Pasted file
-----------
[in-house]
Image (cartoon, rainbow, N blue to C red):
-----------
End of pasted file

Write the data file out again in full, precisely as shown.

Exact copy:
[in-house]
Image (cartoon, rainbow, N blue to C red):